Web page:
New York, NY, June 15, 2017 – Derive Technologies (also comprising the dedicated Derive Healthcare practice) announced today that CRN®, a brand of The Channel Company, has named Derive to its 2017 Solution Provider 500 list. The Solution Provider 500 is CRN’s annual ranking of the largest technology integrators, solution providers and IT consultants in North America by revenue.
An article in the June 9, edition of Healthcare IT News asks: "How would you like a devious Christian Slater breaking into your doctor’s computers, altering the dosages on your prescriptions? No? Well, HP has created a video series to show you just what would happen in that scenario." The article paraphrases Slater's narrative in the HP Studios, Lance Acord directed, second part of "The Wolf" HP Print and Device Security web video series: "Wolves hunt for the weak, he says...
Hewlett Packard Enterprise (HPE) Security shared a June 2017 report from James Scott, Sr. Fellow, The Institute for Critical Infrastructure Technology (ICIT), entitled "The Necessity of Encryption for Preserving Critical Infrastructure Integrity." This powerful report states the following: "Lately, consumers have not been able to trust public or private entities to secure their data.
A lot of well-known Healthcare organizations with important names have been impacted by these new threats.
If they can't defend themselves, HOW CAN YOU?
These major global cyber attacks - which occurred over the past few weeks - have occupied worldwide news headlines since. Organizations the world over, reportedly including major hospital systems, transportation providers, and telcos have been impacted. The attack has purportedly spread to over 150 countries around the world.
Derive Healthcare has been monitoring news all weekend about, according to reporting from Brian Fung of The Washington Post”, in the 5/14 article entitled, “Computer security experts fear second wave of ‘biggest ransomware attack ever’”, the “malicious ‘ransomware’ attacks that seized computers worldwide Friday and held those systems hostage…” According to the article, the attacks, which first affected Healthcare, “are likely to worsen this week as millions of people return to work — forcing them to di
A May 5, article by James LoPresti, on Healthcare Daily Online, noted that, "according to a recent study from CIT," healthcare executives are "optimistic about a number of healthcare technology trends, with 71% expecting revenue to increase in 2016."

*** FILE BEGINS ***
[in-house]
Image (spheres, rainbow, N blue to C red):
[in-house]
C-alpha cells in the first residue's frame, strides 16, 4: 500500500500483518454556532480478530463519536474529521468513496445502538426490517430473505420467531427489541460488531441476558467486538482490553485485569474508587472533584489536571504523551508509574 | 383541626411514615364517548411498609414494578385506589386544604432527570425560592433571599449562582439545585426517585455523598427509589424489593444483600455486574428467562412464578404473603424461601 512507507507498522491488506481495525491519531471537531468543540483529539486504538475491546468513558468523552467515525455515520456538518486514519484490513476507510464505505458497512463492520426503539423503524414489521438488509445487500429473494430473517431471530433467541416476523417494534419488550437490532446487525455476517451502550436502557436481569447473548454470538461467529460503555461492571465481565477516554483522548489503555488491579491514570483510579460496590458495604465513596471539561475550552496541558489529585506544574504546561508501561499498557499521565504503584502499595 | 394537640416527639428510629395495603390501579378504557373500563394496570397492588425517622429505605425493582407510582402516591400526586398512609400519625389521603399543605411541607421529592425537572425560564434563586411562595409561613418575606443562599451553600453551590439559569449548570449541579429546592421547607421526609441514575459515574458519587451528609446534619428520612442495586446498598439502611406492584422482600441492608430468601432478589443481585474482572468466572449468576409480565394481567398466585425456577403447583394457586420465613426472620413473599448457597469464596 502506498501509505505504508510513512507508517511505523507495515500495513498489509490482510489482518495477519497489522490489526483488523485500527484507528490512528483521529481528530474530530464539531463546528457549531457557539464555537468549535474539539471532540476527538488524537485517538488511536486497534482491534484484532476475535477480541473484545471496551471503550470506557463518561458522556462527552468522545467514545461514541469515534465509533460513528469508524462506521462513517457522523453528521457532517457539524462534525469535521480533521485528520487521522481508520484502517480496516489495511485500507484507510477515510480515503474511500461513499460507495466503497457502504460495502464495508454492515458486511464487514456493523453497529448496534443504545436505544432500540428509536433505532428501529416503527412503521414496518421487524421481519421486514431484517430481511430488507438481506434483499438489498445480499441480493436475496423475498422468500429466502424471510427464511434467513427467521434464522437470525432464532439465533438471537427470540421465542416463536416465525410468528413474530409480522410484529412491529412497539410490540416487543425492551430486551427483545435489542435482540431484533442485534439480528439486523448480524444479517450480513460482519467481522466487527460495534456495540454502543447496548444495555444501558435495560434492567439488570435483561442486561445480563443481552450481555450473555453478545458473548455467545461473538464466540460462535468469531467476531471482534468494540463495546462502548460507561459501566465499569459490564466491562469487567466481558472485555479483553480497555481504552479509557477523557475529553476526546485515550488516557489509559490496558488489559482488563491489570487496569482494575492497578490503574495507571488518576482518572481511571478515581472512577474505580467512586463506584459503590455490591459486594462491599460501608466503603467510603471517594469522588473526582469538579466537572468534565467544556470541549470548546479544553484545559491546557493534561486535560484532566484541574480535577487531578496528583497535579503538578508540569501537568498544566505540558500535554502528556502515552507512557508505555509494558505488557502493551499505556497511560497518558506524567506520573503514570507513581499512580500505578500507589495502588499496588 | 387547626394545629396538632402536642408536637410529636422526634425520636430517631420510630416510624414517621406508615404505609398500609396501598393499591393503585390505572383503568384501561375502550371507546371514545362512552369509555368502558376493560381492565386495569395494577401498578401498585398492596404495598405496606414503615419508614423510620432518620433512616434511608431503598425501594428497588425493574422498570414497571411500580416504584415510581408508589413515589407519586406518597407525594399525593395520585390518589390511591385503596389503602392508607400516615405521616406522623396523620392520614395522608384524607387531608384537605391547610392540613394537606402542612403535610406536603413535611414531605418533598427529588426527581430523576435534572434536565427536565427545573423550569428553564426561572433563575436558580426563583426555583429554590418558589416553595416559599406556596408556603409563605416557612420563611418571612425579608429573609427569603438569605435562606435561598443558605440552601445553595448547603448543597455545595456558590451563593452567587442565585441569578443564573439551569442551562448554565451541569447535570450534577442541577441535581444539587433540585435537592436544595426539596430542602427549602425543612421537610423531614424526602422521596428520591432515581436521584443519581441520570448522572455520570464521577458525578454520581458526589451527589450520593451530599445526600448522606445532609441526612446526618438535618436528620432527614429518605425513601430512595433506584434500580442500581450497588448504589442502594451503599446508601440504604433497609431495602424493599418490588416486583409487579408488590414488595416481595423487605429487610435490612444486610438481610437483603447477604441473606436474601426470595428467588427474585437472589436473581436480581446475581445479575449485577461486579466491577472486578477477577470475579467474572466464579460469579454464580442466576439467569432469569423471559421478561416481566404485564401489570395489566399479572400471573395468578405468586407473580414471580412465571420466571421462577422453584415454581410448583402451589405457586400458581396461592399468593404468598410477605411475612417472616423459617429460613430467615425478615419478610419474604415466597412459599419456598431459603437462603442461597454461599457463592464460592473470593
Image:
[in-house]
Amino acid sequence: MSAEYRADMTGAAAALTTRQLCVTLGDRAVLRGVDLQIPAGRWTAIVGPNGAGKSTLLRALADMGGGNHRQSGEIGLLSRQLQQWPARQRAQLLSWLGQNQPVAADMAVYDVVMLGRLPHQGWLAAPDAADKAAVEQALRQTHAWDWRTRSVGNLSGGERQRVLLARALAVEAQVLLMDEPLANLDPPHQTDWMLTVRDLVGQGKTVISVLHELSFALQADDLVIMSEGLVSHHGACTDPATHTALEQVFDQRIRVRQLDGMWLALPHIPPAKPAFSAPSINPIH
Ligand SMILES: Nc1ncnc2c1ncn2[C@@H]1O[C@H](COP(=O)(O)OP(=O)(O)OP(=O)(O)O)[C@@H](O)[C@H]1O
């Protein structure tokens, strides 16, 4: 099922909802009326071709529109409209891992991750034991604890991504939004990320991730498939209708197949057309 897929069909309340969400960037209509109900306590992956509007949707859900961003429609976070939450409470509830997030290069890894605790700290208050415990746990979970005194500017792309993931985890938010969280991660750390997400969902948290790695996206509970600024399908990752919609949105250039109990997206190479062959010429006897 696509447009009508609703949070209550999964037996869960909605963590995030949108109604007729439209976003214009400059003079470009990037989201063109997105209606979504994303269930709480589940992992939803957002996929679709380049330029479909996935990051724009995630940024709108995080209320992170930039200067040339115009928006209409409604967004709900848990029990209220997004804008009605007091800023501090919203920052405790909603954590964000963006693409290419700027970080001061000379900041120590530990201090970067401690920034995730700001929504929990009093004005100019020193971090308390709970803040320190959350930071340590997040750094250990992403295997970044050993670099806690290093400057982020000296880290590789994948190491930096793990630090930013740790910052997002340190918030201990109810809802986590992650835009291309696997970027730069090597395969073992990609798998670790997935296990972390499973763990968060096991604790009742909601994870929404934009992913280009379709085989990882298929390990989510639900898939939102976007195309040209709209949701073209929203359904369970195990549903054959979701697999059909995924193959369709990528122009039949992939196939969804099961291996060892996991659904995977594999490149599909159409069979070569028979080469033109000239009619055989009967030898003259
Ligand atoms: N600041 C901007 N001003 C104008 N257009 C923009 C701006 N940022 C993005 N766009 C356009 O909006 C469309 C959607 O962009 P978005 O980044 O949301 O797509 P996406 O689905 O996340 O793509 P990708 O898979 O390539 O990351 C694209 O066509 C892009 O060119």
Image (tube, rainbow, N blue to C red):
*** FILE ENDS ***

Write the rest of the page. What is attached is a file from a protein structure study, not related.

LoPresti went on to further quote the CIT study, from April 2016, wherein, "Healthcare executives have a generally positive outlook for the industry over the coming year... and are optimistic about mergers and acquisitions, increased revenue and advances in healthcare technology."
In an article earlier this week from Healthcare IT News, Technology Evangelist Nathan Wenzler shares some of the key takeaways from Ponemon's recently published study of Privacy & Data Security in Healthcare. The bottom line: Healthcare organizations must do more to protect sensitive data from breach threats. With 91% of respondents falling victim to at least one data breach in the past 2 years, healthcare IT teams must take action.
In an article yesterday from Healthcare IT News, Managing Editor Erin McCann shares the news that the National Institute of Standards and Technology (NIST) has officially released a long-awaited mobile security guide, specifically written for protecting medical data. This 82-page book offers healthcare institutions insights into how to bolster mHealth cybersecurity.
In an article last week from FierceHealthIT, author Katie Dvorak explains how while technology in the healthcare system makes things easier, it also makes things more complicated; specifically from a security perspective. Security should be a top priority for healthcare organizations since simply having good technical people will no longer stop breaches.
In an article this week from Healthcare IT News, author Chris Bowen describes how having direct access to patients' personal health records leads cyber thieves directly to them. According to IBM research, "the vast majority of cybercrime is highly organized and generating unprecedented profits."